Fourthly, the overall effects on PP were moderate. Besides, the highest ENT showed that the playfulness of smartphones could make the undergraduate students feel happy, whereas the lowest CON indicated that the undergraduate students were conscious when using smartphones. Finally, the overall average of SA was moderate and the undergraduate students had a mid-to-low-end recognition of TA. In other words, the undergraduate students had awareness of smartphone usage and they could restrict themselves from being addicted. In addition, TA was higher than BTA, which represented that the meaning of TA could make better impressions on the participants. However, the overall average of TA and BTA was not ideal. It was inferred that the items of TA originated from a compulsive buying tendency. People may have salience, withdrawal, conflict, relapse, and mood modification symptoms when shopping online. Moreover, SA in the present study was used to test the undergraduate students who may have the same symptoms when using smartphones. Therefore, the undergraduate students may have a higher recognition for TA to answer TA. Furthermore, it was assumed that the items of BTA originated from the eBay environment and were used to test for shopping addiction. People may have obsessive-compulsive disorder while online shopping and might be sensitive about the price. Nevertheless, SA in the present study was not used to test the undergraduate students’ purchasing power via their smartphones. Therefore, the undergraduate students may have a lower recognition for BTA and the items may not be completely suitable for answering TA. Thus, it was suggested that TA and BTA should be tested separately in the future.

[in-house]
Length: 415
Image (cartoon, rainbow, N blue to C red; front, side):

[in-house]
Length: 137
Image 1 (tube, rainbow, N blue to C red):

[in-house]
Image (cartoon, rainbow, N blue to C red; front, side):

4.1. Mediator Effects of PP, PEOU, and PU on BI via A

Attitude was influenced by PP, PEOU, and PU in the present study; it is a mediator variable which affects BI. Besides, the results indicated that PP, PEOU, and PU indirectly influenced BI through A. It can be inferred that undergraduate students are pleasant and satisfied when they are using their smartphones; they are relatively pleased and have active playfulness of their smartphone. A joyful smartphone recreation function may enhance the pleasure in students’ life and strengthen the degree of devoting time to their life. Therefore, the most influential direct variable was PP with an effect of 0.510. However, the effect of PP on BI via A was 0.152 as shown in Table 2. It was assumed that the diversified developments of mobile applications combine with smartphone enjoyment so as to enhance the user’s dependence on smartphones. Additionally, PEOU and PU directly influenced A with an effect of 0.16 and 0.35, respectively. These results are supported by the notion that was proposed by Lin et al. [7].